I heard of one rad at a children’s hospital in PA who was trying to get a lawsuit together against Dictaphone for their false claims about the product. Every so often our chief circulates examples of gibberish that was sent out and cautions us to look at what we are siging – but it still happens — one major problem is there is no “undo” button or delay- once you hit sign report it is gone and as it disappears you see “clitoral history” fly by and there is no delay to catch it. The quality of the reports clearly suffers. And you cant say “known Carcinoma” it comes out “No carcinoma” — I curse the Powerscribe apps people that spent days with us yet never called attention to possible pitfalls like this – they never pointed out the weaknesses- we had to stumble over them ourselves. Sure you can save the reports and review them later, or send every one to the editor (be sure to keep some transcriptionsits to edit) but I can tell you, in our large group , with editors, crap still gets sent out and ref docs gleefully call you up to say “Did you mean Clinical History instead of Clitoral History?” Certainly makes us look foolish. As far as it not understanding the instructions to call up a macro- it was driing me crazy! I solved that – instead of my saying “Mammo Heterogenous Normal Compared” I renamed it “Hubert Nancy Carol” Dense mammo is ” Denise Nancy Carol” etc and so on for the many screening mammo macros I created- here it does save time.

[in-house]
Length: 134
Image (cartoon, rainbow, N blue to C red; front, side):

I really think that’s enough. Frankly, after looking into this, I’m inclined to say “NO SR” altogether. The machines seem to compound the possible errors, making the transcriptionist/editor’s job that much harder. This is a really, really, REALLY bad idea.